Alice would like to lend USDC in ETH/USDC Timeswap pool to earn interest with minimal risk. The pool has a transition/strike/safety price (K) of 800 USDC per ETH and suppose spot price (S) is 2000 USDC per ETH on a DEX. Suppose a Liquidity Provider(LP) creates the USDC-ETH pool (with 200 CCT USD and 20 BT) with the following parameters and maturity of 1 year (d=31557600 sec)
As per the AMM equation
(x+y)*z=k
x=0 y=200 z=20/d=20/31557600=0.000006337617563 k=0.000126752351256 (0+200)*0.000006337617563=0.000126752351256
Since S>K(x=0, 1 ETH > K USDC), only USDC exists in the pool. Let's say Alice wants to lend 1000 USDC. The AMM equation for a lending transaction would be:
(y+Δy)(z-Δz)=k
The contract do the following transactions:
=>
$KΔy = 1000$
=>
$Δy = 1000/800 =1.25$
(1000 CCT USDC minted)
Using the Timeswap mechanics,
=> Deposit 1000 USD to mint 1000 CCT USD and 1.25 BT. The minted 1000 CCT USDC (Δy=1.25) is deposited into the Timeswap pool to withdraw dΔz BT.
Following the constant product AMM equation
$(200+1.25)(0.000000633761756-Δz)=0.000126752351256$
Solving for Δz to get dΔz(Amount of Bond Tokens) as below:
$Δz=0.00000000393$
. Thus, dΔz = 0.1242 BT
$(31557600z ≈ 0.1242236025)$
is withdrawn from the Timeswap pool.
Total Bond tokens the lender has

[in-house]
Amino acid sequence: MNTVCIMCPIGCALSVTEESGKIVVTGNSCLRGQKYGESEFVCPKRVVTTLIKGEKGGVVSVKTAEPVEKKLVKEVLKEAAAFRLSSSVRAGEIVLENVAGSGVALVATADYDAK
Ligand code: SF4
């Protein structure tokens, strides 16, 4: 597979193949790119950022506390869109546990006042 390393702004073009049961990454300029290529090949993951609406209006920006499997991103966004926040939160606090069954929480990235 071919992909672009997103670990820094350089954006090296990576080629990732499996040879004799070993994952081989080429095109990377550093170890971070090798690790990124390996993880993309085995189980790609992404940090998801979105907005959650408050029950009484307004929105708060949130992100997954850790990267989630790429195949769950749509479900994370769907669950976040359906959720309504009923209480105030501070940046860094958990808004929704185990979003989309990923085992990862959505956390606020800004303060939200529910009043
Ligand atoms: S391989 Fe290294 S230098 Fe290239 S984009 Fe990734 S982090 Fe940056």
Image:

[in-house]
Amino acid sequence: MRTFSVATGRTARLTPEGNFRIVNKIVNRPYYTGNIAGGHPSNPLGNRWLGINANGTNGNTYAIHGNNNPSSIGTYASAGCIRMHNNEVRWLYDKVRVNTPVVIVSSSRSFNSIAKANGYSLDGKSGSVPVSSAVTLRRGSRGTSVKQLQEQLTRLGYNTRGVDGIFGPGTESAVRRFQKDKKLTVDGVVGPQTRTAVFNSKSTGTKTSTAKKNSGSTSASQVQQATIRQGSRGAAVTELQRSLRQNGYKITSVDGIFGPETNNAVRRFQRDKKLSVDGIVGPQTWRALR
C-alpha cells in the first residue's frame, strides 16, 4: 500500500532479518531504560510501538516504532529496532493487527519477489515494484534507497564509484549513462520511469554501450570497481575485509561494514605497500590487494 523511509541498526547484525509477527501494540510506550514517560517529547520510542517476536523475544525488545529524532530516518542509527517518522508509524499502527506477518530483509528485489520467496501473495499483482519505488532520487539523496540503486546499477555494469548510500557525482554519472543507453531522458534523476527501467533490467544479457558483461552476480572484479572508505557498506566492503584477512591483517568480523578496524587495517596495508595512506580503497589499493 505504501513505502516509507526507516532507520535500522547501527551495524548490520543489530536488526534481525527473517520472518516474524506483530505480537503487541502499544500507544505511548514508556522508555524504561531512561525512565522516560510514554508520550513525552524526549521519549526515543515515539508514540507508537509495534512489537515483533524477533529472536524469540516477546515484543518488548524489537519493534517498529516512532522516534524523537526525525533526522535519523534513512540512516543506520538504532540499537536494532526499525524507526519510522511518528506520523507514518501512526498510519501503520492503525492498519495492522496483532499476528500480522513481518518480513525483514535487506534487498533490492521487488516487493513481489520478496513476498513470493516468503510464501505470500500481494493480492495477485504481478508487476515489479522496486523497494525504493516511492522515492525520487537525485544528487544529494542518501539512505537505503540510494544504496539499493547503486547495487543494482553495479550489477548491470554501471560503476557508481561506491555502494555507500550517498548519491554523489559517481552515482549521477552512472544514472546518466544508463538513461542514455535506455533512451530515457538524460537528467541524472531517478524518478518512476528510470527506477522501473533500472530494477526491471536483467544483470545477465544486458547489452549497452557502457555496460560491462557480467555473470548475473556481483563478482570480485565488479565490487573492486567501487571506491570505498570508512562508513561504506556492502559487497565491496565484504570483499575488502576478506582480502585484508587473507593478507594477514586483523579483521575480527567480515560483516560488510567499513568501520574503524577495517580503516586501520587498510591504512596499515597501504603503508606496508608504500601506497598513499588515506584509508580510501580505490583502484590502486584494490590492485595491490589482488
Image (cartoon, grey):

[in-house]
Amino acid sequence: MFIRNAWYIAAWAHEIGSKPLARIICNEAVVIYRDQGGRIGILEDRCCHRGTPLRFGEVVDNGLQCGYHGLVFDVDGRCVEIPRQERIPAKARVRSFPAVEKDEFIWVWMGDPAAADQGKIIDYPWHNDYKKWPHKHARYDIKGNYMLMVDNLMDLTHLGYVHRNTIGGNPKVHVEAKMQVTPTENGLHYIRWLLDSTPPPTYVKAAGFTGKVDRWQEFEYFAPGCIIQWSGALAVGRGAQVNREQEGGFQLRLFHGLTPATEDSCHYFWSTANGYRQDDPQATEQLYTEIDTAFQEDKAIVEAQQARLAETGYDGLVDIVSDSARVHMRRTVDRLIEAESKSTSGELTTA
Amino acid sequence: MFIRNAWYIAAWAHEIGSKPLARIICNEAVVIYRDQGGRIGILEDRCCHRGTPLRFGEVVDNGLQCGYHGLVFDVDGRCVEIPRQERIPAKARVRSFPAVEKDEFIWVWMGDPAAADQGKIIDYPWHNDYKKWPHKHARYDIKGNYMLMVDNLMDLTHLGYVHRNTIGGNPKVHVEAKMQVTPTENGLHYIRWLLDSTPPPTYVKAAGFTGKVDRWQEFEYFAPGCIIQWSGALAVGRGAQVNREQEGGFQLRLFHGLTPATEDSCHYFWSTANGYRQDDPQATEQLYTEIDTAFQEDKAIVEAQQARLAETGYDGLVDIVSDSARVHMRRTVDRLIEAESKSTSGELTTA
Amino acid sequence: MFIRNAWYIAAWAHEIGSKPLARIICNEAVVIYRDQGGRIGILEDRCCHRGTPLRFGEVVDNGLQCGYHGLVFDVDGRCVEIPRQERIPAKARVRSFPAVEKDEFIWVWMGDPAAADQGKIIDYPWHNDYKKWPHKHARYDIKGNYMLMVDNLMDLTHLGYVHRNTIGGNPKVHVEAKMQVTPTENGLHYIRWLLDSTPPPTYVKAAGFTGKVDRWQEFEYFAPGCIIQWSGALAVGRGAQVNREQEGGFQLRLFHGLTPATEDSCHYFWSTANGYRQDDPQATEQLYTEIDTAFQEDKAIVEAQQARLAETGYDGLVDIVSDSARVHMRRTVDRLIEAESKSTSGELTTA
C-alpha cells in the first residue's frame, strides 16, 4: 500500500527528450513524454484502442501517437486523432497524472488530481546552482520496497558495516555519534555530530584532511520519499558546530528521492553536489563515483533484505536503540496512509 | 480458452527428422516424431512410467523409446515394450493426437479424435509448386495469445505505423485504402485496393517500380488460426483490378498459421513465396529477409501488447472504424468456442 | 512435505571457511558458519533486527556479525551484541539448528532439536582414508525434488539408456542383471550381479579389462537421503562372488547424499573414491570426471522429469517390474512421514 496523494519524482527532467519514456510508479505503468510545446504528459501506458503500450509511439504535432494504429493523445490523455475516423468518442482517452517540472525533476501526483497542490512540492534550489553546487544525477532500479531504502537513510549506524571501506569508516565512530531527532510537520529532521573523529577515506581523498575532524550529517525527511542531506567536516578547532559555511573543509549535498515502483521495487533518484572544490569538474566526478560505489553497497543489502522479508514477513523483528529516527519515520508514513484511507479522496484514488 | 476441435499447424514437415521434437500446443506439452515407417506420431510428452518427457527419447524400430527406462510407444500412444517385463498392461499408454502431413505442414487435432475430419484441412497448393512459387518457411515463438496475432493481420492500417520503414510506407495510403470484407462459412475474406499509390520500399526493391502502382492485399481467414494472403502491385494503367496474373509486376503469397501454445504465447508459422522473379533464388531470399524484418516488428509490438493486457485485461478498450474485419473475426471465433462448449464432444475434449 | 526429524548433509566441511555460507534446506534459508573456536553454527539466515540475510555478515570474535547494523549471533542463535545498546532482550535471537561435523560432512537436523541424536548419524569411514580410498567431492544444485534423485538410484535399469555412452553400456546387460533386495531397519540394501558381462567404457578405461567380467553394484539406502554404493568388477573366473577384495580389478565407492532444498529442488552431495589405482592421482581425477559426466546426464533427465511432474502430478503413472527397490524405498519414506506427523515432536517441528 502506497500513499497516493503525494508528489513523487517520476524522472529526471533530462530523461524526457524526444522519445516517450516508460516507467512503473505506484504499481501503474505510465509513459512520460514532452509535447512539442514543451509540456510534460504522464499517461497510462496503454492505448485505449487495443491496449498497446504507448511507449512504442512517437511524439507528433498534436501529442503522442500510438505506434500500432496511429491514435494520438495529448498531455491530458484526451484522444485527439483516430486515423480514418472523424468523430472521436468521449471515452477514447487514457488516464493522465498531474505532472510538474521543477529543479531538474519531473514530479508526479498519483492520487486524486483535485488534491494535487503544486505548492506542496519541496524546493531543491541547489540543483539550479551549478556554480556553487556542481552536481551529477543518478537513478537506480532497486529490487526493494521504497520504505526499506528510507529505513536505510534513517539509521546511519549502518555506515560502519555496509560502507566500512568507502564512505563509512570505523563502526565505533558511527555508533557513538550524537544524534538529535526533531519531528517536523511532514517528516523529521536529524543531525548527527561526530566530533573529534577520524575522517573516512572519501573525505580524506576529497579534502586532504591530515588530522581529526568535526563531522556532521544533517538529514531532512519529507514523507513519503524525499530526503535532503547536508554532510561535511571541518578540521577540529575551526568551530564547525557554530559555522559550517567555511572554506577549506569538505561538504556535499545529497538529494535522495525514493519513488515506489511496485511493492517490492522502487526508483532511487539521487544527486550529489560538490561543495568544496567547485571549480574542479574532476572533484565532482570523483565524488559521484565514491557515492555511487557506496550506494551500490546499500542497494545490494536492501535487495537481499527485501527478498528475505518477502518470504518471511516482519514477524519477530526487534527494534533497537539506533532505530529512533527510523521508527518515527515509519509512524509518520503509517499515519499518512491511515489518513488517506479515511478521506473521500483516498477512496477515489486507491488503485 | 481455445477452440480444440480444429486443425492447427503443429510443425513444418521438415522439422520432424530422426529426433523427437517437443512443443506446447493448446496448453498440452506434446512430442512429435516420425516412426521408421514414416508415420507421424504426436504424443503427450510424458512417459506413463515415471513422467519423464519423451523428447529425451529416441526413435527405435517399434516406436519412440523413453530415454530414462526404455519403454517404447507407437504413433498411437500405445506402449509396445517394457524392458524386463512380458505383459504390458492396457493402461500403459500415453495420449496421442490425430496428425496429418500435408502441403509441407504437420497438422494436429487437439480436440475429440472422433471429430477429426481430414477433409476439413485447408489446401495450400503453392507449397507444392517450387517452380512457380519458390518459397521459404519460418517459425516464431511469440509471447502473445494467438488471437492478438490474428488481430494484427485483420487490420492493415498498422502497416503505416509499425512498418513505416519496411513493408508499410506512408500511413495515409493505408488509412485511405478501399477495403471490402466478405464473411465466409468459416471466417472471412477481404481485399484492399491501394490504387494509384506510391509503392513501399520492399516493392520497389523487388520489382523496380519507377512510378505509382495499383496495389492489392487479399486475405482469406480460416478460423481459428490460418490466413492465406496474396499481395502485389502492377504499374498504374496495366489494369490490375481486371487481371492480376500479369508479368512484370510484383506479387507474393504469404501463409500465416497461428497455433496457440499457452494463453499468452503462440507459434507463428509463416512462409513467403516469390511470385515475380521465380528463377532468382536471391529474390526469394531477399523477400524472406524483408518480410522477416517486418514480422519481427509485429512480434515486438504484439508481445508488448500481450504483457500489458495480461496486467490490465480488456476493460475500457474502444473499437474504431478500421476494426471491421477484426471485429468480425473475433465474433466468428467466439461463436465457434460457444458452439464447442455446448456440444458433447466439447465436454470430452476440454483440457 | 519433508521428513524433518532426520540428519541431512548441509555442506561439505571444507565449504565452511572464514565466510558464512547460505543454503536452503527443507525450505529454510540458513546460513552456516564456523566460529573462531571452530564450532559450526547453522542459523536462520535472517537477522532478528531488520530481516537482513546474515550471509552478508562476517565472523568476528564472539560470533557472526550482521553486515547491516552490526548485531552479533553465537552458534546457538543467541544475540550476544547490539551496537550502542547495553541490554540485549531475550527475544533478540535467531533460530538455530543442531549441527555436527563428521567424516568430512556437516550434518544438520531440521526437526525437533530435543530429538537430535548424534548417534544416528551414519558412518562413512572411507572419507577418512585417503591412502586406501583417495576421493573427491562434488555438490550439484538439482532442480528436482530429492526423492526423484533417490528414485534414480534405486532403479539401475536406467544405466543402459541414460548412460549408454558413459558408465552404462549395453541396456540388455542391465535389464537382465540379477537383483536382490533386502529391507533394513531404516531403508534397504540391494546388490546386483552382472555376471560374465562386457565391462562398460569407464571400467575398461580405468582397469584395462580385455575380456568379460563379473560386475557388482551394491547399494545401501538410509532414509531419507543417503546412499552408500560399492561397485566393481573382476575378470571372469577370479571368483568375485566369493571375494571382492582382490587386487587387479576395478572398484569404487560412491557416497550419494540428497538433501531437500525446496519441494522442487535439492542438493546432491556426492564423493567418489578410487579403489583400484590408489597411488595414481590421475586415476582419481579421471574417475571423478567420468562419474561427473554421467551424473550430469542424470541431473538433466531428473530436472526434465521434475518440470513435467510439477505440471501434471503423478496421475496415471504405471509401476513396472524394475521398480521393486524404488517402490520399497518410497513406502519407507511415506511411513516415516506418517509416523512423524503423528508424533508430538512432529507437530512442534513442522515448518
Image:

$= 1.25(Principal)+0.1242(Interest)=1.3742$
1.3742 BT represents
$(1.3742/1.25) * 1000 = 1099.36$
USDC or
$1099.36/800 = 1.3742 ETH$
APR = (1099.36-1000)/1000 x 100% = 9.936%
$CDP = S(Δy + dΔz)/ KΔy$
=>
$2000*(1.25+ 0.1242236025) / (800 * 1.25) * 100% = 274.84%$
%
=>
$274.84%$
%
End Result
The lender has a total of 1.3742 Bond Tokens. If the spot price of ETH remains over 800 USD, the Bond amount represents a 1,099.36 USD return. It also represents 1.3742 ETH remuneration if the spot price goes below 800 USD per ETH.
The lender has a USDC annual percentage rate (APR) of 9.936% and an ETH collateral debt position (CDP) of 274.84%.
Suppose given the same example above, the lender wants to lend 0.5 ETH instead. The contract will do the following transactions:
=>
$0.5 ETH = KΔy USD$
=>
$800 * 1.25=1000 USD$
0.5 ETH will be swapped to 1,000 USDC through a DEX. Same steps as the above example when lender wants to deposit 1,000 USDC.
The end result is the same with a slight reframing:
=>
$((1.3742-0.5)/(0.5)) * 100 = 174.84$
% APR
The lender has ETH annual percentage rate (APR) of 174.84%, and USD collateral bond position of 109.936%

### Case 2: K>S

Alice would like to lend USDC in ETH/USDC Timeswap pool to earn interest with minimal risk. The pool has a transition/strike/safety price (K) of 800 USDC per ETH and suppose spot price (S) is 600 USDC per ETH on a DEX. A lender wishes to lend 1.25 ETH, therefore he invokes the lend function, the contract to perform the following actions: